And then, the director of the seminar and the head of English department stood up to speak. In her fiery address, which made students to burst into frequent applause, Prof Hameedah Nayeem didn’t miss to mention Shahid.

“I welcome you all in the land of blood,” the very line set the adrenalin rush among the audience. And then, she hit the target. Shahid was heard for the first time in the seminar. “Shahid was in continuous search of sacred,” Prof Hameedah said. The very next moment, she detailed the influence of Ghalib and Faiz on Shahid’s poetry.

The exit of Prof Hameedah from the dais cleared the entry of Prof GR Malik, a former head of the English department that hosted the seminar. In his key note address, he kept explaining: what is sacred? To trace the same, he touched works of literary giants like HL Gates, TS Elliott—whom he termed as “conscious rebels”. Prof Malik, however, left many upset in the audience by skipping Shahid. “It is fine to mention anybody, but why to exclude Shahid?” One among the many in audience asked. “Aren’t Shahid’s works sacred enough to find a mention in the seminar which aims to highlight the sacred legacies of literature?”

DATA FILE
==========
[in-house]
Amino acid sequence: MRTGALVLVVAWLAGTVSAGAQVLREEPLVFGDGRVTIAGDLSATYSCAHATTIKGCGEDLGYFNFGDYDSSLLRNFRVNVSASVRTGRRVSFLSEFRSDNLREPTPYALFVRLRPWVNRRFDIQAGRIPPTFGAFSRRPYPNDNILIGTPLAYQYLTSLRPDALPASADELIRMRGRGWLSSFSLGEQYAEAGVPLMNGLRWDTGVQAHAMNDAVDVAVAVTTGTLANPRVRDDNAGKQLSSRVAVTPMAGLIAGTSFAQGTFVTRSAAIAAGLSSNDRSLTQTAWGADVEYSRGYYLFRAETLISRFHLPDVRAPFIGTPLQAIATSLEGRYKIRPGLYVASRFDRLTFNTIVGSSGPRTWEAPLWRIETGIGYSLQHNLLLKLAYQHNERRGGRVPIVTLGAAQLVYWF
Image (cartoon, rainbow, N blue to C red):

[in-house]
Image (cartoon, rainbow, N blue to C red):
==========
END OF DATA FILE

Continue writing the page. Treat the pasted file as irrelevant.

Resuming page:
Hameeda-Nayeem
Prof Hameedah Nayeem

And then, a guest of honour of the seminar, Prof ML Raina replaced Prof Malik at the dais. A former faculty member at department of English KU, Prof Raina made an apparent impact on audience with his brief speech. But this “grandson of the soil” too left the dais without speaking any word about Shahid!

Kashmiri poets Rehman Rahi and Zareef Ahmad Zareef shortly recited their poems in Kashmiri, which created an instant awe among the audience. At the end of inaugural session, KU’s vice chancellor, Prof Talat Ahmad delivered a small talk. But even, he too steered clear from Shahid!

As the lunch break was announced, many students with placards in their hands had assembled outside the venue. “Don’t play with our future,” read one of the placards. But pleas of protesting students got drowned into the soared literary tempers!